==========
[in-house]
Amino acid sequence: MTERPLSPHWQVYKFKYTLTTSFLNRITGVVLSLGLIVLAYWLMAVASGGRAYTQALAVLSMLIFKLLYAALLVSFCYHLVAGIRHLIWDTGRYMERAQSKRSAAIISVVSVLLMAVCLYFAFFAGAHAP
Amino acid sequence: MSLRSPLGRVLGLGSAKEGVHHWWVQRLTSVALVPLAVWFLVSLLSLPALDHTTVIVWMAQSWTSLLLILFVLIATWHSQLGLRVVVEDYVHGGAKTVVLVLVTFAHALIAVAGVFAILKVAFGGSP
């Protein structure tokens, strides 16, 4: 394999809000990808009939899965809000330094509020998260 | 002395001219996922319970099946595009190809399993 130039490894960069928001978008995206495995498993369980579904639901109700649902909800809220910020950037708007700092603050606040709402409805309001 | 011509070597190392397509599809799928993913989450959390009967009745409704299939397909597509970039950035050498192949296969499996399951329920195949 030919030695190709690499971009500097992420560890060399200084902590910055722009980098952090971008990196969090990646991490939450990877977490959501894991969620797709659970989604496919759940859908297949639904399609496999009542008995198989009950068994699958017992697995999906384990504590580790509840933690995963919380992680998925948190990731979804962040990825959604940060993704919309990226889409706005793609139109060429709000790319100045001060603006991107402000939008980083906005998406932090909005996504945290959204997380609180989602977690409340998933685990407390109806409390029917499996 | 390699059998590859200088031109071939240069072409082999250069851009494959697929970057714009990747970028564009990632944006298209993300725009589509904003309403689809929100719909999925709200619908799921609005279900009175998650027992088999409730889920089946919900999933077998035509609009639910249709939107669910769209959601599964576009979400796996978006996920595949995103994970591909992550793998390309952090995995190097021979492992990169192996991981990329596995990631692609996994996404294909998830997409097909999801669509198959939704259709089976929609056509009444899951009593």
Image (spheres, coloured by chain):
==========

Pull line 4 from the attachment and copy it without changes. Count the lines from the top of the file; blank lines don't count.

């Protein structure tokens, strides 16, 4: 394999809000990808009939899965809000330094509020998260 | 002395001219996922319970099946595009190809399993 130039490894960069928001978008995206495995498993369980579904639901109700649902909800809220910020950037708007700092603050606040709402409805309001 | 011509070597190392397509599809799928993913989450959390009967009745409704299939397909597509970039950035050498192949296969499996399951329920195949 030919030695190709690499971009500097992420560890060399200084902590910055722009980098952090971008990196969090990646991490939450990877977490959501894991969620797709659970989604496919759940859908297949639904399609496999009542008995198989009950068994699958017992697995999906384990504590580790509840933690995963919380992680998925948190990731979804962040990825959604940060993704919309990226889409706005793609139109060429709000790319100045001060603006991107402000939008980083906005998406932090909005996504945290959204997380609180989602977690409340998933685990407390109806409390029917499996 | 390699059998590859200088031109071939240069072409082999250069851009494959697929970057714009990747970028564009990632944006298209993300725009589509904003309403689809929100719909999925709200619908799921609005279900009175998650027992088999409730889920089946919900999933077998035509609009639910249709939107669910769209959601599964576009979400796996978006996920595949995103994970591909992550793998390309952090995995190097021979492992990169192996991981990329596995990631692609996994996404294909998830997409097909999801669509198959939704259709089976929609056509009444899951009593």